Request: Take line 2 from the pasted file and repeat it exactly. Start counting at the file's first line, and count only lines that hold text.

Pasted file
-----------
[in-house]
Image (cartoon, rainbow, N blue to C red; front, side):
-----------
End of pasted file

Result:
Image (cartoon, rainbow, N blue to C red; front, side):